that fear and belief so deeply colored my every thought and action that i felt paralyzed. i couldn’t take chances on trying to accomplish anything serious again, because i knew i would fail. so i avoided everything challenging. i also hated myself for being fully aware of what i was thinking and not being able to snap out of it. i came to loathe people who would tell me to snap out of it, while also loathing myself for not doing it. it was like watching myself spiral downward in slow motion and feeling helpless to change anything. i didn’t try to kill myself and didn’t want to, but i did have what psychologists would call “passive suicidal ideation.” i kept envisioning the barrel of a gun pointed toward my eyeballs to the point that if it had actually happened, i wouldn’t have been surprised.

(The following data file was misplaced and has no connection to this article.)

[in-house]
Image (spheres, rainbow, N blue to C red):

i realize at this point that you might be feeling either (a) confuzzlement (b) pity (c) judginess or (d) recognition. on the occasions that i’ve overshared my story to strangers and friends, i’ve often braced myself for C only to unexpectedly encounter D. and it’s that train of Ds that has caused me to continue oversharing.

ultimately what caused me to come out of this time was a slow and steady winning mix of therapy and medication capped off by finding my husband and my daughter, who helped me see that failure isn’t having a string of Incompletes on a report card, or even getting fired from an internship. failure is giving up.

by the grace of God and the kick in the pants from a new baby, something clicked deep down in my soul and i stopped giving up. i nervously went back to the classroom. i got another internship. i got married. i took zealous care of my kid. in retrospect it’s amazing that we pulled it off, but i even went back to college full time for one last semester to bang out the rest of my credits and get that stinking ivy league degree while my husband stayed with the baby and my parents. (on a side note, it is amazing how well you can do just by attending classes and completing all the readings. so much learning!!)